This is it, after lots of rumors and speculations, Microsoft has finally confirmed Internet Explorer 9 release date.
According to Ryan Gavin, senior director of IE, starting from next Monday, users will be able to download the Final version of Internet Explorer at 9 p.m. (Pacific Standard Time).
So here you have it, if Windows 8 is indeed stated for early 2012 release and company has changed its strategy, expect to see IE10 announcements later this year.
Microsoft has it, Google has it so why shouldn’t Baidu build one too?
To strengthen its business, Baidu, China’s most popular search engine is already working on its own web browser (codenamed FlyFlow) and as it turns out, testing phase has already begun.
Not much is known yet, although it was revealed that FlyFlow will have its own application platform and considering Baidu popularity, we might even see IE6 glory days over.
Rendering engine remains unknown as well. However, users should expect to see the public Beta of this web browser in the very near future.
- February, 2011 – Internet Explorer, Google Chrome, Safari Share Up; Firefox, Opera – Down
- Web Browsers Usage By Country
- How Would You Change Internet Explorer?
- IE6 Countdown
- Download Firefox 3.6.14 And 3.5.17
- 19 Chrome Bugs Fixed in Preparation for Pwn2Own Hacking Contest
- Safari Adopts WebKit2
- Download Opera with Hardware Acceleration
- Opera 11.10 to Include Password Synchronization
Our reader Mark has noticed an interesting piece of code in the latest Opera snapshot.
Although password manager synchronization is yet to be announced, it does not stop us from doing that now.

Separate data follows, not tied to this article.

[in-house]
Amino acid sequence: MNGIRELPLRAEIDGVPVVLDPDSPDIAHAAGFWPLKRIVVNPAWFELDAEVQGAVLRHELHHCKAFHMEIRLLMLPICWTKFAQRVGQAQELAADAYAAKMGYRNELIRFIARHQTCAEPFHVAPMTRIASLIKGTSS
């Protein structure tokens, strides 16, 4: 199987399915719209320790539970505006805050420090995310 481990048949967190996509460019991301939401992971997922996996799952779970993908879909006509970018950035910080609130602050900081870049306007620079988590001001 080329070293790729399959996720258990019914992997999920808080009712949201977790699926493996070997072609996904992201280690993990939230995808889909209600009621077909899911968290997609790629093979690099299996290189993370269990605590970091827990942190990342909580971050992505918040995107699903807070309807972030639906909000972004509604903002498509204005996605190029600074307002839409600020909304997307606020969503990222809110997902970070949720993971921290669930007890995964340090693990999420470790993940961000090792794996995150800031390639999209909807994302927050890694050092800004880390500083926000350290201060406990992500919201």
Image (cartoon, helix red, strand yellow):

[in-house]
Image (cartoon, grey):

On the side note, recent Opera 11.10 builds also include: new internal pages styling, speed dial animation and zoom and more.
Now here is something for Opera users to play with, as Norwegian browser maker has recently released a public build of Opera that finally supports hardware acceleration.
Although it’s just a preview (not intended for daily use) and available for Windows users only, company promises that their standards based canvas implementation will also work with Linux or Mac OS X operating systems. Now isn’t that nice?
How is that possible?
Back in April of 2010, Apple has announced a new version of WebKit framework which is essentially called WebKit2
Well, it looks like the upcoming Mac OS X Lion release will feature an improved Safari web browser that finally utilizes Webkit2.
One of the main framework goals is to utilize a split process model, so the web content would be placed into a separate process. As a result, bad plugin, tab etc. won’t crash the whole web browser.
This behavior is very similar to Chrome’s; however, as split process module is directly integrated into WebKit2 framework, other clients will be able to use it as well.
Opera Software has just confirmed that one of the enhanced features in the upcoming Opera 11.10 release will be a new Speed Dial which layout is now called “Speed Dial Flow”.
As a result, a new snapshot reveals the very first piece of all upcoming changes that are yet to come (see screenshot above).
Please note that this is not a final speed dial version.
Our guess is: Google Chrome like (“Most Visited sites”) behavior.
In addition to that, there will be some subtle animations and messages to remind new Opera users about all the features available in Opera web browser.
If you would like to try a new build (pre-alpha), please visit the following page.
- IE9 RC: 2 Million Downloads
- Majority Of Web Browsers Are Unpatched
- Director of Firefox Leaves Mozilla
- Firefox 5 First Look
- Firefox 4 RC1 Coming Next Week
- Taking a Look at the New Google Chrome 10 Beta
- Gmail Now Uses Chrome’s Built-In Viewer To Open PDFs
- Introducing Google Chrome Web Search Blocklist Extension
- Download Opera 11.10
- Opera 11.10 Coming
- Windows Phone Internet Explorer 9 Mobile vs. Safari
- Opera Mini for iPad
A lot of news about Google Chrome lately, no? This time it’s about how the next iteration of Google Chrome will implement a feature that only Internet Explorer 9 has so far and that feature is: dropping the address bar.
Despite being one of the most minimalist web browsers already, the next Google Chrome version will save even more screen space.
Don’t worry, the address bar will reappear when users move the cursor over the spot where the address bar normally is. It is a feature that only the beta of Internet Explorer 9 currently boasts but Google seemingly intends to take it a step further.